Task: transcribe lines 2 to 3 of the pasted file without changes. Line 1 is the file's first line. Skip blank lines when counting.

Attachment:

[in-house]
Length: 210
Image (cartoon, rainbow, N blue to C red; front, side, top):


Length: 210
Image (cartoon, rainbow, N blue to C red; front, side, top):